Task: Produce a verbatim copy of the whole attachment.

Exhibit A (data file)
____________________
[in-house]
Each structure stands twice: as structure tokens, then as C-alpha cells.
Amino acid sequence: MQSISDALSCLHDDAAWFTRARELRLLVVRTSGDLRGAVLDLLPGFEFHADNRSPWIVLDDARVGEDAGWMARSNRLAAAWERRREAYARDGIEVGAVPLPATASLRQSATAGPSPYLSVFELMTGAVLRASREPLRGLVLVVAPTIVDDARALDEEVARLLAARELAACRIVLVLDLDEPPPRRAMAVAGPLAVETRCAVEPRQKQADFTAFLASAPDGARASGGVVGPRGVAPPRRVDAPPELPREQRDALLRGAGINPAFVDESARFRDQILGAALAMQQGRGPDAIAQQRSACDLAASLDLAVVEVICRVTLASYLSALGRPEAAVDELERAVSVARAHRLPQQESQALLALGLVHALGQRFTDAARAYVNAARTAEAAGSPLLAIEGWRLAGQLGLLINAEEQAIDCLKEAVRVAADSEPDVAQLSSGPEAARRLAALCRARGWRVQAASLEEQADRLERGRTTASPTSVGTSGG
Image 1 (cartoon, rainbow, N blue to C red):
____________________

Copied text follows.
[in-house]
Each structure stands twice: as structure tokens, then as C-alpha cells.
Amino acid sequence: MQSISDALSCLHDDAAWFTRARELRLLVVRTSGDLRGAVLDLLPGFEFHADNRSPWIVLDDARVGEDAGWMARSNRLAAAWERRREAYARDGIEVGAVPLPATASLRQSATAGPSPYLSVFELMTGAVLRASREPLRGLVLVVAPTIVDDARALDEEVARLLAARELAACRIVLVLDLDEPPPRRAMAVAGPLAVETRCAVEPRQKQADFTAFLASAPDGARASGGVVGPRGVAPPRRVDAPPELPREQRDALLRGAGINPAFVDESARFRDQILGAALAMQQGRGPDAIAQQRSACDLAASLDLAVVEVICRVTLASYLSALGRPEAAVDELERAVSVARAHRLPQQESQALLALGLVHALGQRFTDAARAYVNAARTAEAAGSPLLAIEGWRLAGQLGLLINAEEQAIDCLKEAVRVAADSEPDVAQLSSGPEAARRLAALCRARGWRVQAASLEEQADRLERGRTTASPTSVGTSGG
Image 1 (cartoon, rainbow, N blue to C red):